Fatal Accidents Inquiry Bill


The road to justice can often be a long one, full of delays, disappointments and heartache.


This is particularly true for anyone who has experienced Scotland’s Fatal Accident Inquiry (FAI) system.


Indeed, the experience of the families of the crewmen who tragically lost their lives in the Flying Phantom Disaster is a case in point.

Their repeated calls for an FAI since that fateful night six years ago have fallen on deaf ears.

They have talked of their frustration at a system that is full of delays and bureaucracy. They have also expressed their anger at being left on the side-lines with little say on proceedings.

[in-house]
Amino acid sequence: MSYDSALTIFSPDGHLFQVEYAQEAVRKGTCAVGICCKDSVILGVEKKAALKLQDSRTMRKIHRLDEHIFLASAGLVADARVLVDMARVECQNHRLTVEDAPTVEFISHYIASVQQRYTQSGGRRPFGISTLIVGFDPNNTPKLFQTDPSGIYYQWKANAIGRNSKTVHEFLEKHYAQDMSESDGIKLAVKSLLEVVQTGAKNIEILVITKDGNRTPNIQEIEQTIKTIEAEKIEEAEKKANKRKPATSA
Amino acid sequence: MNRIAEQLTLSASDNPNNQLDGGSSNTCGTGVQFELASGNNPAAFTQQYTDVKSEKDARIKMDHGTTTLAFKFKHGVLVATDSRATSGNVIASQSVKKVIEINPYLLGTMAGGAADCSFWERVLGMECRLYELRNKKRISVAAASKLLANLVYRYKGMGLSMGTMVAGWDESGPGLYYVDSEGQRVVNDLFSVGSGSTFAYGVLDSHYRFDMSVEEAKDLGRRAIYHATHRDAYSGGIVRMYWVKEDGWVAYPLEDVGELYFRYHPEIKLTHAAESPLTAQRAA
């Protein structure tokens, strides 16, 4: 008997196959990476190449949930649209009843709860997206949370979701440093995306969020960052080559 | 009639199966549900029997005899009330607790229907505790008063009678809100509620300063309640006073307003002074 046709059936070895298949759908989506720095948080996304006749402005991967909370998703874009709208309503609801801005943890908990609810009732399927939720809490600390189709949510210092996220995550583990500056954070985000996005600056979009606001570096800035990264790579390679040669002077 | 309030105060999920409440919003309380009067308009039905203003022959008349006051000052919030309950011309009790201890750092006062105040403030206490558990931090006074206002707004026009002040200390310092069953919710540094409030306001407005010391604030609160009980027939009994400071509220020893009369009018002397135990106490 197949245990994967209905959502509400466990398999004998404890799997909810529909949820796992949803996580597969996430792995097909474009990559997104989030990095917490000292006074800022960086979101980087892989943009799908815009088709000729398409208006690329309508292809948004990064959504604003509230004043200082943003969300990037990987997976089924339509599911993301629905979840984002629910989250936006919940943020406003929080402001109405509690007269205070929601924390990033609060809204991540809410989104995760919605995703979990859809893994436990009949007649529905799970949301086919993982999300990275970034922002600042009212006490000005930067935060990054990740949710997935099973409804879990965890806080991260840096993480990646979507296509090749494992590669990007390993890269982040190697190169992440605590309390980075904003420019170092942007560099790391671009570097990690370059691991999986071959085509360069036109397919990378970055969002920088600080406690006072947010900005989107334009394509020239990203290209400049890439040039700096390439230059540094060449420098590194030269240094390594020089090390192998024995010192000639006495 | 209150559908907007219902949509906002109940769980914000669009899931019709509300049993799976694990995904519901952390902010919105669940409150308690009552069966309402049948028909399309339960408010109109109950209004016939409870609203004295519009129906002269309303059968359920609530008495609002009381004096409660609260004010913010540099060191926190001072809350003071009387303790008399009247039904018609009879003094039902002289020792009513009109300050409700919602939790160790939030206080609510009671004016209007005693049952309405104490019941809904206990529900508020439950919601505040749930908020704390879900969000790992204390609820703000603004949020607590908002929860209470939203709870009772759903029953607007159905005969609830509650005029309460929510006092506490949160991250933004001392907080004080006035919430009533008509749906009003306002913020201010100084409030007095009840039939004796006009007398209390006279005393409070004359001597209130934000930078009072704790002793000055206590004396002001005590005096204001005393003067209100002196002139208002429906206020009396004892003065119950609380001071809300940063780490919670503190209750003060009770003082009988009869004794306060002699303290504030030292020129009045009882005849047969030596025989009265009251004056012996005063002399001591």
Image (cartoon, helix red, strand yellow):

This is why I am supporting the Fatal Accidents Inquiry Bill launched by my Labour colleague Patricia Ferguson, the public consultation for which is coming to a close as I write this column.

It aims to put the families of the bereaved at the heart of the process. One of the ways it will do this is by giving them the right to influence and shape the nature and extent of the inquiry undertaken into the death of their family member.

It also aims to speed up the process by allowing FAI’s to take place alongside criminal proceedings, and to ensure that lessons are learned to prevent similar accidents from happening in the future.

Most importantly of all, it will create the foundations for a new system which will allow families to understand what happened and why it happened. This is particularly important, as it will provide some closure allowing them to move on with their lives.

I sincerely hope that the Scottish Government will support the measures in this Bill, and act to ensure that in future cases, the bereaved don’t have to wait years for justice to be done.